Liver perfusion could save 7 in 10 rejected donor livers
A major study investigating the effectiveness of liver perfusion as a technique to improve the function of donor livers that would have otherwise been rejected has shown that up to seven in every 10 could be used after just four to six hours of the assessment.
The study, titled "Transplantation of discarded livers following viability testing with normothermic machine perfusion," published today in Nature Communications, could have significant implications for the liver transplant waiting list and the commissioning of local transplant services.
Currently, across the U.K., a third of donated livers don't meet desired transplant criteria and aren't used. Chronic liver disease in the UK is rising annually, a result of obesity and increasing alcohol misuse causing approximately 8500 deaths per year. For those with end-stage liver disease, a transplant is the only hope for survival, but demand for livers suitable for transplantation far outstrips supply. According to the latest NHS Blood and Transplant report, up to 20% of people awaiting a transplant operation died or were removed from waiting lists due to ill health.
A growing proportion of donated livers are coming from high-risk donors with a history of alcohol misuse, obesity or elderly people with comorbidities, often when a patient has suffered cardiac arrest that is unexpected and when the patient cannot or should not be resuscitated. These livers are of lower quality and pose risks to recipients. Consequently, the majority are not transplanted.
Funded by the Wellcome Trust, experts from the University of Birmingham's Centre for Liver and Gastrointestinal Research, University Hospitals Birmingham NHS Foundation Trust and the NIHR Birmingham Biomedical Research Centre have found that just four to six hours of normothermic machine perfusion assessment enabled 70 percent of currently discarded livers to recover enough to allow successful transplantation into a recipient.
Mr Hynek Mergental, honorary senior lecturer at the University of Birmingham and consultant surgeon at the UHB Liver Unit, said, "While liver transplantation is one of the most advanced surgical procedures, up to now, there has been no objective mean to assess suitability of donor livers for transplantation. The VITTAL trial validated our pre-clinical research and pilot clinical observations and these viability criteria can now guide transplant teams worldwide to provide access to the life-saving transplantation to more patients in need."
VITTAL project lead, Professor Darius Mirza, consultant transplant surgeon at University Hospitals Birmingham NHS Foundation Trust, added: "This challenging study was designed to assess function of discarded livers in the real-life situation, using the normothermic machine perfusion. The major challenge in this pioneering clinical trial was to assure patients safety while pushing the envelope of sub-optimal liver utilization."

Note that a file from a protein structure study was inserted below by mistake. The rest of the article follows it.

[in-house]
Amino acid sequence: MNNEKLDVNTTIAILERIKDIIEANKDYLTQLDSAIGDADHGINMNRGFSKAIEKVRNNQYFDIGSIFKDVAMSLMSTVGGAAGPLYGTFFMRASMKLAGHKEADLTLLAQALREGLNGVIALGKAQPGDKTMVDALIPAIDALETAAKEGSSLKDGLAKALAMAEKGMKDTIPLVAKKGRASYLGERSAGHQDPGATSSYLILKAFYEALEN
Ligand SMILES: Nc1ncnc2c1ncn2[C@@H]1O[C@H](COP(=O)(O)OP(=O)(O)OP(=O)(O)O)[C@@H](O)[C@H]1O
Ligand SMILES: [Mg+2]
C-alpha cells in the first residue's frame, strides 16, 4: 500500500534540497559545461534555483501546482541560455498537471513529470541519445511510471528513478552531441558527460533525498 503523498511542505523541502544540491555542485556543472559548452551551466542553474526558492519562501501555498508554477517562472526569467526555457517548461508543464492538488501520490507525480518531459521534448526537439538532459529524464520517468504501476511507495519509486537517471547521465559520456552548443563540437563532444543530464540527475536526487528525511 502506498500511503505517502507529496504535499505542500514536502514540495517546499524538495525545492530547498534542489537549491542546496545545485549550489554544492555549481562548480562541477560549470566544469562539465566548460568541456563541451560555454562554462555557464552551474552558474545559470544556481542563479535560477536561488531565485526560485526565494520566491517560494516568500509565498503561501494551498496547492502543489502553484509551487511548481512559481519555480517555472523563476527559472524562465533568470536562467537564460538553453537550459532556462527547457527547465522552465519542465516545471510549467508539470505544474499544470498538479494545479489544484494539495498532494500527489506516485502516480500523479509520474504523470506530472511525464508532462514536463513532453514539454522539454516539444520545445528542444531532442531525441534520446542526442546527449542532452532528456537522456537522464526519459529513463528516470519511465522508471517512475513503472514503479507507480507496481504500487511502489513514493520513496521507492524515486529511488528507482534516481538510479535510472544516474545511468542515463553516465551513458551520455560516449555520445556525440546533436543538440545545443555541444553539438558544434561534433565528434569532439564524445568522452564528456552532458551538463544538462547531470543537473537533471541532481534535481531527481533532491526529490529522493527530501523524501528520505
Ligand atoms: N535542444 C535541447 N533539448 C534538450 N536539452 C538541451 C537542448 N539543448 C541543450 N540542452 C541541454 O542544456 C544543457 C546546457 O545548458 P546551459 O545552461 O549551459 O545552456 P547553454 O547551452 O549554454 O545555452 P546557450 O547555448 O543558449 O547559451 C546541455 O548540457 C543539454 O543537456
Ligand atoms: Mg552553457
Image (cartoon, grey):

Mr Thamara Perera, consultant transplant surgeon at UHB, says, "This ground-breaking trial has proven that objective parameters can be used for making a decision to use a borderline liver. The observed 100% study participants post-transplant survival was reassuring and provided our patients and the surgical team with confidence to implement and further expand this approach, which now helps the sickest patients on our waiting list to underwent transplantation sooner and safer."
Dr. Simon Afford, reader in liver immunobiology at the of the University of Birmingham's Institute of Immunology and Immunotherapy, said, "It has long been recognized that as a consequence of our population aging the quality of donated livers keeps declining. Based on our latest discoveries we believe that in the near future the machine perfusion platform will facilitate therapeutic interventions to improve liver viability. We expect we will be able salvage even more organs than 70% observed in the VITTAL trial, including livers from donors with known alcohol misuse or obesity."
Tim Knott, head of innovation programs at the Wellcome Trust, said, "Many more patients who need liver transplants will benefit from this technology. Giving surgeons the tools to assess if a liver transplant will be viable will help the thousands of people who have chronic liver disease globally."
John Forsythe, medical director of organ donation and transplantation for NHS Blood and Transplant, said, "New techniques of Organ perfusion and preservation are a vital developing area of organ donation and transplantation. We are delighted that a number of doctors and scientists in the UK are leading the way in this field of research.
He explains, "Each year a small number of donated organs are not transplanted for a variety of reasons. Transplant success relies on a significant amount of activity taking place in a short space of time. New techniques are already allowing us to transplant donated organs that would not have been possible in the past. More research in this area is likely to increase that ability."